History of the Review

The Evolution and Medicine Review launched in 2008 to serve as a nexus for information in the field of evolutionary medicine. It has grown substantially and contributed to the foundation of a society, The International Society for Evolution, Medicine & Public Health, which now maintains the site.  It has also inspired other evolution and medicine projects including EvMedEd, the leading source for educational materials including books, lectures, and a collection of universities and centers dedicated to evolutionary medicine.

Our aim was to create a virtual home for evolution and medicine. People in the field wanted a central source of authoritative information with expert evaluation of the latest research (regardless of the venue in which it is published). They wanted general commentary about a range of topics, teaching resources, and a way to make contact with others. Creating that central source helps rapidly advance efforts to bring evolutionary biology to bear on the problems of medicine and public health and helps generate new research agendas, funding opportunities and publications. The Evolution & Medicine Review is proud to be that source.

The Field of Evolutionary medicine

The field of evolutionary medicine is growing fast but there still remains a large gap separating the traditional disciplines of evolutionary biology and medicine (Nesse & Stearns 2008). Relevant research remains dispersed across many different existing subdisciplines (e.g. infectious disease, genetics, anthropology and psychology). Workers applying an evolutionary framework in one discipline often know little about relevant work in other disciplines. New research is neglected, and misgivings about a line of research can take years to surface. This leaves a large gap in the potential of evolutionary biology to transform medicine.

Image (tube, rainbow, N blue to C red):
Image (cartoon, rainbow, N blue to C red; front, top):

New strategies to bridge the gap

Open access publishing and the new generation of social networking tools are changing the nature of scientific communication. We are taking advantage of these to both bridge the gap between evolution and medicine and to demonstrate the value of a new strategy that can be adopted by other emerging and established scholarly communities. In particular, open source blogging software offers a simple and inexpensive means of communicating rapidly with an unlimited audience. Blogs have a reputation for being fast, quirky, personal, opinionated, and are often perceived as highly unreliable. However, in the right social structure, they can provide the same kind of authoritative information found in journals, along with commentary that vastly increases the utility of traditional journal information. Blogging software is now the foundation for the online versions of many newspapers (e.g. the New York Times), simply because it is the most efficient way to manage information on the web. Like those newspapers, we will not use the word “blog,” even while we make full use of blog technology. We feel this is important  to ensure the engagement of the more conservative members of the various disciplines while capturing a new younger audience; the ones who will take this field further.

Instead of waiting a year to get a few responses to an article, this strategy garners many responses in a matter of days. Instead of wondering what others think about a line of research, this approach offers a combination of expert and open commentary. Instead of communicating mainly at yearly meetings and occasional study sections, scientists can find those who share their interests in minutes, and begin private or public exchanges. Instead of browsing dozens of journals to find relevant material, this approach will deliver the relevant articles, filtered by an expert panel. Together, these advantages not only make science faster and more engaging, they also improve quality.